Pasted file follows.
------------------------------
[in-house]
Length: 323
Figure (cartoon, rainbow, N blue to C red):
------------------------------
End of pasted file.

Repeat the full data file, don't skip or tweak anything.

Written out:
[in-house]
Length: 323
Figure (cartoon, rainbow, N blue to C red):